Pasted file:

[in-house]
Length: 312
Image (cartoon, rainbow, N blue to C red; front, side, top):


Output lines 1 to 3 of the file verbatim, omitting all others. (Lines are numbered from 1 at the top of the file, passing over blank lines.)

[in-house]
Length: 312
Image (cartoon, rainbow, N blue to C red; front, side, top):